Among the 500 or 600 cider producers in the region of Normandy, France, Philippe Lecrivain doesn’t necessarily stand out, yet his operation is a gem and a success that would be the envy of many a North American cider maker. Philippe grows his own cider fruit as well as ferments his cider and manages bottling and distribution. This is possible because of his roots as a second-generation cider maker. Historically, Lecrivain’s father was instrumental in having cider included in the list of products identified as AOC (appellation d’origine controlée), recognizing it as a French product of distinct terroir.
Cider-Making in Brée
In a very small town called Brée (imagine roughly 10 lovely, garden-encompassed homes on a country road), and across the highway from his tasting room, Philippe gave us a tour of his operations. His cider-making buildings line the other side of a gravel courtyard from his home. While he greeted us, a black Lab and Philippe’s 20-something son also approached to say hi. Gruffly, I might add. Clearly, these are not people accustomed to entertaining tourists, and I had to encourage them with how very grateful we were for access.
Philippe was at ease, though, because my aunt is a long-standing resident of the same town, and he was soon chatting about his latest news, that he is going to move his tasting room over onto this location, and shows us the large new press he leased this past spring. This conversation happened in French, mind you. One doesn’t encounter a lot of fluent English speakers in the region. Philippe commented about the percentage of the lease that was funded by the European Union and worries about British cider makers in the wake of the Brexit vote. Inside his approximate 3,000 square feet of production space he also showed us a room of fiberglass cider tanks, which he prefers over steel, and lovely oak barrels for aging that are actually now often made and imported from the United States, he told us.
Le Pressoir du Mont
Le Pressoir du Mont is the name given to this company that Philippe owns and operates with his wife and his brother, François. The “Mont” in the name refers to the company’s proximity to a famous French tourist destination, the Mont-St.-Michel.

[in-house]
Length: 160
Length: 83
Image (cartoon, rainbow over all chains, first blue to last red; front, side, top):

The company belongs to the Association Cidricole Normand (ACN) and has received many awards over the years by participating in regional and national cider contests. For example, the company is a past winner of the “Golden Apple” (Pomme d’Or), awarded in the Contest of Products “Cidricoles.” Perhaps its most consistent winner is the Calvados aged 10 years.
With 17 acres of orchard, Philippe produces 18,500 gallons of cider per year, as well as Calvados, Pommeau and apple juice. In his orchard operation, all harvesting is done by machine. Philippe said he might rather have hand-picked fruit because the fruit fares better, but labor shortages have required him to automate. Among the many cider apple varieties grown are very local varieties such as Grollon and Coutigny. Then there is also the local variety that has fallen out of favor because of being overly precocious: Belle Fille de la Manche.
His current superstars, for flavor and annual bearing, are Noël des Champs, St Martin and Moulin à Vent. He also fondly mentions Avrolles, which is very acidic and great for Calvados. He goes on to list Bisquet, Mettais (high concentration of sugar), Bedan and Petits Jaunes. To those of us accustomed to a dearth of heirloom cider apple varieties in many parts of the United States, it is an embarrassment of riches.
We said goodbye reluctantly, waving as we squeezed into our rented Fiat 500 on a beautifully sunny summer afternoon. After all, Philippe was a gracious host and gave us a glimpse of a world-class operation and an extremely hard-working family, devoted over generations to cider.
Le Pressoir du Mont is located at Brée en Tanis, RN 175, 50170 TANIS, France; phone: 02.33.60.06.33.
- Photos: Holly Tennant